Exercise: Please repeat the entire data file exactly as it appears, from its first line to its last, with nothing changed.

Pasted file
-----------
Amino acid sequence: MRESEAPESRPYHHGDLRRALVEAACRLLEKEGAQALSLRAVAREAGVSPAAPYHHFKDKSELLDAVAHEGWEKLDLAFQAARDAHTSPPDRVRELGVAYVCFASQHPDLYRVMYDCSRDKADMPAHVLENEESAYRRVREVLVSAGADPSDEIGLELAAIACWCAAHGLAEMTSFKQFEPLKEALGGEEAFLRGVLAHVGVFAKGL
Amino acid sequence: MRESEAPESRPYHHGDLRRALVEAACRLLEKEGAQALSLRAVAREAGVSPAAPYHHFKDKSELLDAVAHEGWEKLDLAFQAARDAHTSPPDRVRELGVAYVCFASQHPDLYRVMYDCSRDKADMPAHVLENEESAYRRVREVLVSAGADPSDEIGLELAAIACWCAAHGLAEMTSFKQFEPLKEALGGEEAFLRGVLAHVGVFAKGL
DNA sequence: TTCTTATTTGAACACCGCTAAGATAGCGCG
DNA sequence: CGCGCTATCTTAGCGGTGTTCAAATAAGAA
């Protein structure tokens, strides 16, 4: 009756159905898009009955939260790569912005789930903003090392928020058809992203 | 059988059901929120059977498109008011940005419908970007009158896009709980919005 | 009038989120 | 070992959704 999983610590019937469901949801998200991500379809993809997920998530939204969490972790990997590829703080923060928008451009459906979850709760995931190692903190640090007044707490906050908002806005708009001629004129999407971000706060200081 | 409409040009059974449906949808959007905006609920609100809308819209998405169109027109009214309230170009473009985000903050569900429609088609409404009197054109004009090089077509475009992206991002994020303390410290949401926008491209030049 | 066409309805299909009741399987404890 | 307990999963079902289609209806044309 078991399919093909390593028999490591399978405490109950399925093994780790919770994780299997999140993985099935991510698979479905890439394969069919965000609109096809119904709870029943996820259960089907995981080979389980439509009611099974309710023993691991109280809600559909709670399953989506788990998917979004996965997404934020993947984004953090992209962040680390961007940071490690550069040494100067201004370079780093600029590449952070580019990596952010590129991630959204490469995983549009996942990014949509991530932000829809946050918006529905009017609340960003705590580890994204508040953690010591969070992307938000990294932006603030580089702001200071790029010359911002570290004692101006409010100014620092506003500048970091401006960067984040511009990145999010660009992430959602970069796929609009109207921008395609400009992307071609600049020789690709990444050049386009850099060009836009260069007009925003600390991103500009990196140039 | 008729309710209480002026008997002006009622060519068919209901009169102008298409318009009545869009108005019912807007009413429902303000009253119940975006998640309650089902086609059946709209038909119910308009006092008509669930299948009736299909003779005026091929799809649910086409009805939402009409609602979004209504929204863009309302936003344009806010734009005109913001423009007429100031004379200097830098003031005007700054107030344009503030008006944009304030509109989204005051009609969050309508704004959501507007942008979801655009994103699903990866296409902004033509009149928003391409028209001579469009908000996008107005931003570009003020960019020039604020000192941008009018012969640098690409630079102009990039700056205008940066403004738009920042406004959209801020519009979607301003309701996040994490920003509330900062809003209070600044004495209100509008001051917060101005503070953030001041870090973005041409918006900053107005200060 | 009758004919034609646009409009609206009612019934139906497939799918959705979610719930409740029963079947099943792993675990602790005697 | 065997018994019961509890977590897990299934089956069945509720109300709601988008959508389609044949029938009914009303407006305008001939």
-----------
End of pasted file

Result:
Amino acid sequence: MRESEAPESRPYHHGDLRRALVEAACRLLEKEGAQALSLRAVAREAGVSPAAPYHHFKDKSELLDAVAHEGWEKLDLAFQAARDAHTSPPDRVRELGVAYVCFASQHPDLYRVMYDCSRDKADMPAHVLENEESAYRRVREVLVSAGADPSDEIGLELAAIACWCAAHGLAEMTSFKQFEPLKEALGGEEAFLRGVLAHVGVFAKGL
Amino acid sequence: MRESEAPESRPYHHGDLRRALVEAACRLLEKEGAQALSLRAVAREAGVSPAAPYHHFKDKSELLDAVAHEGWEKLDLAFQAARDAHTSPPDRVRELGVAYVCFASQHPDLYRVMYDCSRDKADMPAHVLENEESAYRRVREVLVSAGADPSDEIGLELAAIACWCAAHGLAEMTSFKQFEPLKEALGGEEAFLRGVLAHVGVFAKGL
DNA sequence: TTCTTATTTGAACACCGCTAAGATAGCGCG
DNA sequence: CGCGCTATCTTAGCGGTGTTCAAATAAGAA
């Protein structure tokens, strides 16, 4: 009756159905898009009955939260790569912005789930903003090392928020058809992203 | 059988059901929120059977498109008011940005419908970007009158896009709980919005 | 009038989120 | 070992959704 999983610590019937469901949801998200991500379809993809997920998530939204969490972790990997590829703080923060928008451009459906979850709760995931190692903190640090007044707490906050908002806005708009001629004129999407971000706060200081 | 409409040009059974449906949808959007905006609920609100809308819209998405169109027109009214309230170009473009985000903050569900429609088609409404009197054109004009090089077509475009992206991002994020303390410290949401926008491209030049 | 066409309805299909009741399987404890 | 307990999963079902289609209806044309 078991399919093909390593028999490591399978405490109950399925093994780790919770994780299997999140993985099935991510698979479905890439394969069919965000609109096809119904709870029943996820259960089907995981080979389980439509009611099974309710023993691991109280809600559909709670399953989506788990998917979004996965997404934020993947984004953090992209962040680390961007940071490690550069040494100067201004370079780093600029590449952070580019990596952010590129991630959204490469995983549009996942990014949509991530932000829809946050918006529905009017609340960003705590580890994204508040953690010591969070992307938000990294932006603030580089702001200071790029010359911002570290004692101006409010100014620092506003500048970091401006960067984040511009990145999010660009992430959602970069796929609009109207921008395609400009992307071609600049020789690709990444050049386009850099060009836009260069007009925003600390991103500009990196140039 | 008729309710209480002026008997002006009622060519068919209901009169102008298409318009009545869009108005019912807007009413429902303000009253119940975006998640309650089902086609059946709209038909119910308009006092008509669930299948009736299909003779005026091929799809649910086409009805939402009409609602979004209504929204863009309302936003344009806010734009005109913001423009007429100031004379200097830098003031005007700054107030344009503030008006944009304030509109989204005051009609969050309508704004959501507007942008979801655009994103699903990866296409902004033509009149928003391409028209001579469009908000996008107005931003570009003020960019020039604020000192941008009018012969640098690409630079102009990039700056205008940066403004738009920042406004959209801020519009979607301003309701996040994490920003509330900062809003209070600044004495209100509008001051917060101005503070953030001041870090973005041409918006900053107005200060 | 009758004919034609646009409009609206009612019934139906497939799918959705979610719930409740029963079947099943792993675990602790005697 | 065997018994019961509890977590897990299934089956069945509720109300709601988008959508389609044949029938009914009303407006305008001939």